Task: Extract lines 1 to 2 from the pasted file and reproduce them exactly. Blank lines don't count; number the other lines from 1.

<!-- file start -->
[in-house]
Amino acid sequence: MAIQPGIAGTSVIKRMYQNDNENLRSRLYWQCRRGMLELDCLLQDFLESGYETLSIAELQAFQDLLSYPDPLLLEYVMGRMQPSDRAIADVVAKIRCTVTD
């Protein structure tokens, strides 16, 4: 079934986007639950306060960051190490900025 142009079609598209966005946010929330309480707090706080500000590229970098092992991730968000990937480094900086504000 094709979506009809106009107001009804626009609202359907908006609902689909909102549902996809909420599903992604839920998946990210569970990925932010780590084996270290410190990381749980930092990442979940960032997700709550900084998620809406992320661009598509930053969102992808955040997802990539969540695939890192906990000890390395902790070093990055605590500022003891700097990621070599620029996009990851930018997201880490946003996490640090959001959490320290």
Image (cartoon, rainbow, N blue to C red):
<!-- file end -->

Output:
[in-house]
Amino acid sequence: MAIQPGIAGTSVIKRMYQNDNENLRSRLYWQCRRGMLELDCLLQDFLESGYETLSIAELQAFQDLLSYPDPLLLEYVMGRMQPSDRAIADVVAKIRCTVTD